History Corner: Wachovia, North Carolina: The First Settlements

The area of Wachovia in Forsyth County, North Carolina, includes the community of Winston- Salem and contained several towns founded in the mid-eighteenth century as religious, cultural and trade communities of the German pietistic sect known as the Unitas Fratrum. The Brethren, as they came to be called, was organized by followers of the Czechoslovakian religious reformer Jan Huss; after seceding from the Church of Rome, they elected their own ministers. Following years of persecution, the Moravians, as they later came to be known, fled from Moravia and Bohemia and found protection under the Austrian aristocrat Count Nicholas Ludwig von Zinzendorf on his estate in Saxony. From there they embarked on missionary activities that eventually led to the establishment of settlements in Europe, the British Isles, North America, the Caribbean and Africa. With English guarantees of religious freedom, the Moravians made their first permanent settlement in North America in 1741 in Bethlehem, Pennsylvania. From this base they continued to seek land on which they could establish communities where Moravians could live profitably and independently. When they learned of land that was being offered for sale by Lord Granville, their leaders turned their attention to North Carolina.

Guides and Chainmen

In December 1751, the Moravian bishop August Gottlieb Spangenberg set forth from Bethlehem to explore the Granville holdings in search of a suitable tract. Eventually, he selected one that became the future region known as Wachovia. Accompanying the bishop's group on horseback were two hunters who doubled as guides and who worked as chain men during the survey and the professional surveyor William Churton. Hoping to find a suitable area along the Yadkin River, Spangenberg and his exploring party traveled across North Carolina from Edenton to the Blue Ridge Mountains and over the mountains at Blowing Rock, returning down the Yadkin River valley. They surveyed small tracts as they traversed the region across North Carolina from east to west, but during this travel they did not succeed in finding an area suitable for the major settlement the bishop visualized.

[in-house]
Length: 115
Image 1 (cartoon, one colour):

On the west side of the Blue Ridge Mountains they became lost because one of the hunters, who had previously traveled the wilderness route to the Yadkin River, missed the trail and led the party into the mountains instead. Enduring extreme hardship and illness, several months passed since they had seen a living soul. In January 1753 the Spangenberg party camped at "the three forks of Muddy Creek" and there decided to make their settlement. After having made their way back from the mountains into the Yadkin drainage, the bishop wrote about the region: "Towards the end of the year we came into this neighborhood, and found 'a body of land' which is probably the best left in North Carolina. If we had a true account of this in the beginning, perhaps we would not have gone to the Catawba nor beyond the Blue Mountains to the New River … ." He selected the tract of land that encompassed the entire drainage of Muddy Creek or Carguels Creek because, he wrote:

"This tract lies particularly well. It has countless springs, and numerous fine creeks; as many mills as may be desired can be built. There is good pastureage for cattle, and the canes growing along the creeks will help out for a couple of years until the meadows are in shape. There is also much lowland which is suitable for raising corn, etc."

Ancestral Estate in Saxony

Arriving at a broad plateau that divided the Yadkin and Dan River valleys, the Spangenberg expedition made camp. Churton surveyid a tract that Spangenberg named "Wachau" after the ancestral estate in Saxony of their patron Count Zinzendorf. In time, the name was anglicized to "Wachovia." Considered to be the best land still unsettled in North Carolina at that time, it lay about 20 miles south of the Virginia border and conveniently on the road to Pennsylvania. After the tract had been surveyed and laid out during the winter months, Spangenberg proceeded to make plans for settlement. In August 1753 the Unitas Fratrum purchased from Lord Granville 98,985 acres of the surveyed tract. A land company was organized to finance the settlement, each stockholder of which received 2,000 shares and agreed to bear the proportionate share of the cost of colonization.